Own the Room: A book review by Bob Morris

Own the RoomOwn the Room: Discover Your Signature Voice to Master Your Leadership Presence
Amy Jen Su and Muriel Maignan Wilkins
Harvard Business Review Press (2013)

“Be yourself. Everyone else is taken.” Oscar Wilde

In their Introduction, Any Jen Su and Muriel Maignan Wilkins reject three common but remarkably durable myths about developing a leadership presence:

Myth #1: You Are Who You Are. “This is probably the most pernicious myth out there: presence is something you either have or don’t.” In fact, [begin italics] anyone [end italics] can develop leadership presence.

Myth#2: One Size Fits All. “This myth is the opposite of the first, but just as pernicious. Instead of resigning themselves to be who they are and giving up on the prospect of change, leaders try to alter their presence to emulate someone else.” In fact, as Wilde suggests, each person should develop a leadership presence that is [begin italics] uniquely theirs [end italics].

Myth #3: If It Ain’t Broke, Don’t Fix It. In fact, “an effective presence is dynamic…Being conscious of who you are and where you are in your career and in your organization’s pipeline is paramount to ensuring you adapt your presence accordingly.” This is how Marshall Goldsmith would explain it: “What got you here won’t get you there.” Continuous improvement and, especially nourishment of leadership presence, is imperative.

With regard to developing a Signature Voice, it is important to keep in mind that more than 80% of the impact of each “message” we send to others is non-verbal. That is, the power of a Signature Voice will be determined by tone and body language.

These are among the dozens of passages that caught my eye, also listed to indicate the scope of the material that Su and Wilkins examine:

o A New Way of Diagnosing Presence (Pages 20-24)
o How ACE [Assumptions, communication strategies, and energy] Works (44-48)
o Why Assumptions Matter, and, Confidence: Action Steps (57-70)
o Perspective: Action Steps (74-78)
o Clarity: What Your Values Are, and, Clarity Action Steps (78-84)
o Why Communication Matters (92-94)
o Framing: Action Steps (99-103)
o Advocacy: Action Steps (106-109)
o Listening and Engaging: Action Steps (113-117)
o Why Energy Matters (125-128)
o Body Language: Action Steps (130-133)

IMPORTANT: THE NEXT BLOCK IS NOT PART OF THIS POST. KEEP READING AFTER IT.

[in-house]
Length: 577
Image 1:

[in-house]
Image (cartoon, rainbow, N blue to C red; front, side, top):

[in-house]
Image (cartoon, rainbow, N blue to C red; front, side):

o Tone: Action Steps (138-143)
o Being Visible: Action Steps (145-146)
o Signature Voice Is a Journey (155-156)
o Lead with Purpose (165-169)
o The Role You Play: Manager as Coach (174-182)

It is noteworthy that several of the key passages focus on “action steps”: initiatives to apply what is learned from the given material. Indeed, both Su and Wilkins seem to possess an insatiable curiosity to understand what works, what doesn’t, and why so they can then share what they have learned with as many other people as they can. That is why they include several “Drills” (e.g. “Identify Key Influencers,” Pages 148-149) throughout their narrative. These are self-diagnostic exercises that enable their reader to interact with the material, to become actively engaged in the aforementioned “journey” develop a signature voice. Su and Wilkins also include “What to Remember” sections and reviews of key points as well as dozens of “Figures” (e.g. 3-1, “Assumptions you are likely to make,” Page 81) and “Tables” (e.g. 6-1, “Trigger Events and Backsliding,” Page 159), and several especially interesting vignettes that feature real people, in real-world situations, who are coping with many of the same circumstances and issues that the reader will also encounter.

Before concluding this book, Su and Wilkins add to the narrative three remarkably valuable “toolkits” (in an Appendix) whose contents are based on three strategic objectives: building overall presence, preparing for an especially important meeting or event, and facing a significant leadership struggle or challenge. Just as “no one size fits all” (i.e. Myth #2), no action plan is appropriate for all leadership situations. My guess is that most readers will need at least two and perhaps all three within a year after absorbing and digesting the wealth of information, insights, and counsel that Sun and Wilkins provide.

No brief commentary such as mine possibly do full justice to the quality and value of that material. However, I hope that I have at least suggested why I think so highly of the book. Also, I hope that those who read my commentary will be better prepared to determine whether or not to obtain and read it. In that event, I hope what it offers will help them to locate their own Signature Voice and then nourish it as their leadership journey continues, one during which (I hope) they will help others entrusted to their care to find their own.

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